2,000 Mile Trail Ride

April 5, 2010

English riders to follow Western pioneers’ 2,000-mile cattle trail

12:26 PM CDT on Sunday, April 4, 2010

By ERIC AASEN / The Dallas Morning News
eaasen@dallasnews.com

The English may be prim and proper, but they’re just wild for America’s Wild West.

They yearn to escape their congested roads and hop on a horse and roam where the land is wide open and the big sky seems endless.

For some, seeing old Western movies isn’t enough. They have to explore it like the pioneers did back in the day.

And for a lucky few, that westward journey starts Sunday – after training for weeks in Frisco.

They’ll saddle up at Fort Belknap, a couple of hours west of the Dallas-Fort Worth area. There, they’ll travel by horse and follow in the footsteps of two Western pioneers, Charles Goodnight and Oliver Loving, who blazed a cattle trail nearly 150 years ago through Texas, New Mexico and points north.

For six months and almost 2,000 miles, these English men and women expect to venture through dust, mud, heavy rain, hail and lightning storms. They may encounter a horse skull or two and snakes.

James Locke and a team of riders make plans for a 2,000-mile journey along the cattle trails.

They couldn’t be happier.

The inaugural trek, called The Long Ride, is a chance to sit on a horse in the middle of nowhere and ride the way riding was meant to be done, said James Locke, who is leading the expedition.

“The ride is honoring your heritage and the memory of the people who made this country what it is today,” he said.

About a dozen riders, almost all English, will be rotating in and out throughout the expedition. They’ll be roughing it – it’s the Western way, after all – camping under that never-ending sky. A truck will accompany them, carrying feed, water, food and other essentials.

“If they get a shower, they’re going to be lucky,” Locke said. “A bucket of cold water on the back of the truck when nobody’s looking, and that’s it.”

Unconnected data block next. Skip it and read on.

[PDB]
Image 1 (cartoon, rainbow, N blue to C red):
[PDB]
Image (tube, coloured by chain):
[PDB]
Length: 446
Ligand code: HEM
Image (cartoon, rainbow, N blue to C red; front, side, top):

The Long Ride was sparked a few years ago at a dinner party, when one woman who had seen Rawhide declared that she wanted to ride a trail across America.

Locke, who has been leading expeditions around the world for nearly 30 years, said he had a better idea. He wanted to follow the Goodnight-Loving Trail. He was intrigued about the trail after reading about the trailblazers and watching the Lonesome Dove miniseries.

“The American West is alive and well in England,” said Locke, 66.

In 1866, Goodnight and Loving drove longhorns from Fort Belknap in Young County. The trail continued through Horsehead Crossing on the Pecos River, New Mexico, Colorado and Wyoming.

The Long Ride, however, plans to travel beyond the trail, ending in Montana.

As Locke planned his trip through the American West, he was introduced to Robert Liner, who operates the Horse School in Frisco. Liner was intrigued and volunteered to host the riders and help them train. He rounded up horses and other supplies.

Liner hopes the trip inspires others.

“The horse is a silent steward to teach us of our own compassion,” he said. “I’d like to think the spirit of the horse unifies people.”

Traveling companions

Locke and his riding partners wouldn’t be able to venture west without Ranger, Peppy, Dancer and Gentleman.

Ranger is the boss horse who’s even-tempered and gentle. Dancer is a chowhound – point him to the horse feed and he’ll be fine. At first, Gentleman was afraid of everything. Now, he’s a softie. Peppy loves to be by Dancer’s side.

Last week, they rested along a fence, enjoying a breeze, as their riders stood nearby.

Horses are free spirits, said Emma Payne, who’s riding with Locke.

“You watch them running and you wish you could be like that,” said Payne, donning a bandana, jeans, chaps, boots and an Australian bush hat. “They run for miles, and they don’t seem to get tired.”

But before hitting the trail, the English riders had to learn how to ride horses American style.

“We’re very stiff and uptight,” Locke said. “Your riding is much more laid back.”

In England, riders put more equipment on their horses, making it restrictive for the animal. Riders perch on their horses, making it difficult to stay on for long periods of time.

“In America, there’s a better partnership with the horse,” said Lisa Waller, another English participant in The Long Ride.

When Payne wants to ride in her home country, she has to walk a horse down a busy road, with cars flying by, to a small patch of precious earth.

That won’t be an issue on this American trek, where she’ll roam the empty land for miles and miles and miles.

“The horses, the camping,” she said, “it’s heaven.”

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